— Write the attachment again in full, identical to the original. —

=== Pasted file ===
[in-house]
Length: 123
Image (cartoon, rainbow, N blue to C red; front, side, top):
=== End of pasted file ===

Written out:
[in-house]
Length: 123
Image (cartoon, rainbow, N blue to C red; front, side, top):